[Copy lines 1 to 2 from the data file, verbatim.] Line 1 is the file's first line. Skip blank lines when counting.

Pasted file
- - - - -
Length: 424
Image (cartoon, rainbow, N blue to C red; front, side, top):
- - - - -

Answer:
Length: 424
Image (cartoon, rainbow, N blue to C red; front, side, top):